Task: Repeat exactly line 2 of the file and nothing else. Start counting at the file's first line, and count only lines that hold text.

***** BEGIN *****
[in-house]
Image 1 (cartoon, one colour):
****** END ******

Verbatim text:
Image 1 (cartoon, one colour):